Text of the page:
The Evolution of the Concept of Special Collections in American Research Libraries

WILLIAM L. JOYCE

Abstract

In an address delivered on Alumni University Day in 1924, English Professor Chauncey Brewster Tinker, later Yale’s first Keeper of Rare Books, outlined the relationship among University faculty, students, and books:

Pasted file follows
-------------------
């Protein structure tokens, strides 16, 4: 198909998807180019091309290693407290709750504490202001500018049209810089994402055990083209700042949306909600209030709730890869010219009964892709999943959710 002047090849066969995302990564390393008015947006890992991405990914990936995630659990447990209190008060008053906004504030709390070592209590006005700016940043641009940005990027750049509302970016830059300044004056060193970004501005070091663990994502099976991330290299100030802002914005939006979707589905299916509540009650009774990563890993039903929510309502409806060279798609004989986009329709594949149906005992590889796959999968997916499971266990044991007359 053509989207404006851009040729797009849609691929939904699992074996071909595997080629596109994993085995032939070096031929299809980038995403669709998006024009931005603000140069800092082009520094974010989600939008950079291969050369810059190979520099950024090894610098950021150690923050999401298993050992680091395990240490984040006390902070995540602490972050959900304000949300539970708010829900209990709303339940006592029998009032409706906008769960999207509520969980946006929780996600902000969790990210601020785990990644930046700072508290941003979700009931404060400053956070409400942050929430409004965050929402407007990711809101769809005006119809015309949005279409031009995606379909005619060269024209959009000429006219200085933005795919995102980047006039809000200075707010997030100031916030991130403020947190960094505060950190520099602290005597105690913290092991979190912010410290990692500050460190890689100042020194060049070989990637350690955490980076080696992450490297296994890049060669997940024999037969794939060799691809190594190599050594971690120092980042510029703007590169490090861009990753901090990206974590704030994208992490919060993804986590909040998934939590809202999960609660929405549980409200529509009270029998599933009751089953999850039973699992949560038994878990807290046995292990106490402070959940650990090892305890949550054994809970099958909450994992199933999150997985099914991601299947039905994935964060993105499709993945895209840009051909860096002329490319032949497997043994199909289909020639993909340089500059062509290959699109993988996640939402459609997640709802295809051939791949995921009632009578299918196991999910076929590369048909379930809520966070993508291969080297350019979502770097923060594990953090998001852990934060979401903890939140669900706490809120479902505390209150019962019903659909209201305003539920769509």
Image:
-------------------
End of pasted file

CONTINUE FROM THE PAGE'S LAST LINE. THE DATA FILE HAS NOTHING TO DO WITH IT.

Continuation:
There are three distinguishing marks of a university: a group of students, a corps of instructors, and a collection of books; and of these the most important is the collection of books. By the interaction of these three factors the university manifests its twofold activity to the world. Its scholars, by means of the books provided for them, advance the cause of knowledge and the reign of truth, and . . .

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